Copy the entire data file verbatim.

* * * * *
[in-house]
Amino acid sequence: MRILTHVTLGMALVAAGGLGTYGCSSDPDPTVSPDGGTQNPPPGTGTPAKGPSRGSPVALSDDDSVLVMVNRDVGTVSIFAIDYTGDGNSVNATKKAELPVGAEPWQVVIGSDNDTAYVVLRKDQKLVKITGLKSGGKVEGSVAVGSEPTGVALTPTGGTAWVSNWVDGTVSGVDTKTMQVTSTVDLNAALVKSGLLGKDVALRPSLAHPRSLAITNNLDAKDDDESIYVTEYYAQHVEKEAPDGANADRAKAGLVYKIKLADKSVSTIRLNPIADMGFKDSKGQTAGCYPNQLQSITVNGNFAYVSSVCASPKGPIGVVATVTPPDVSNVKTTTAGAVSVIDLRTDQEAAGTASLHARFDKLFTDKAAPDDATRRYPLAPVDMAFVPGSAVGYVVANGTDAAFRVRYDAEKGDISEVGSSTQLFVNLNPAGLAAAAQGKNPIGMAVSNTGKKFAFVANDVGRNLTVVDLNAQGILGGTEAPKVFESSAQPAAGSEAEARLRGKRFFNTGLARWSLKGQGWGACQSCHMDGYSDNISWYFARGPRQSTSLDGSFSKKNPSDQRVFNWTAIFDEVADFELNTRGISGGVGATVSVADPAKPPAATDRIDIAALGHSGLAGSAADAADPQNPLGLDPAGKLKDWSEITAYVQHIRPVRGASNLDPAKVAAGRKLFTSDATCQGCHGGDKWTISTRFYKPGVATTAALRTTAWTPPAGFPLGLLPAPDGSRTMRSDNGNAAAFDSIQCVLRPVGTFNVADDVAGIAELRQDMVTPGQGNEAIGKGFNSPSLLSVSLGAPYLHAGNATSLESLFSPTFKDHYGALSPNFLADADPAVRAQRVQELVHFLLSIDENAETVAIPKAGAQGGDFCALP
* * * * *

[in-house]
Amino acid sequence: MRILTHVTLGMALVAAGGLGTYGCSSDPDPTVSPDGGTQNPPPGTGTPAKGPSRGSPVALSDDDSVLVMVNRDVGTVSIFAIDYTGDGNSVNATKKAELPVGAEPWQVVIGSDNDTAYVVLRKDQKLVKITGLKSGGKVEGSVAVGSEPTGVALTPTGGTAWVSNWVDGTVSGVDTKTMQVTSTVDLNAALVKSGLLGKDVALRPSLAHPRSLAITNNLDAKDDDESIYVTEYYAQHVEKEAPDGANADRAKAGLVYKIKLADKSVSTIRLNPIADMGFKDSKGQTAGCYPNQLQSITVNGNFAYVSSVCASPKGPIGVVATVTPPDVSNVKTTTAGAVSVIDLRTDQEAAGTASLHARFDKLFTDKAAPDDATRRYPLAPVDMAFVPGSAVGYVVANGTDAAFRVRYDAEKGDISEVGSSTQLFVNLNPAGLAAAAQGKNPIGMAVSNTGKKFAFVANDVGRNLTVVDLNAQGILGGTEAPKVFESSAQPAAGSEAEARLRGKRFFNTGLARWSLKGQGWGACQSCHMDGYSDNISWYFARGPRQSTSLDGSFSKKNPSDQRVFNWTAIFDEVADFELNTRGISGGVGATVSVADPAKPPAATDRIDIAALGHSGLAGSAADAADPQNPLGLDPAGKLKDWSEITAYVQHIRPVRGASNLDPAKVAAGRKLFTSDATCQGCHGGDKWTISTRFYKPGVATTAALRTTAWTPPAGFPLGLLPAPDGSRTMRSDNGNAAAFDSIQCVLRPVGTFNVADDVAGIAELRQDMVTPGQGNEAIGKGFNSPSLLSVSLGAPYLHAGNATSLESLFSPTFKDHYGALSPNFLADADPAVRAQRVQELVHFLLSIDENAETVAIPKAGAQGGDFCALP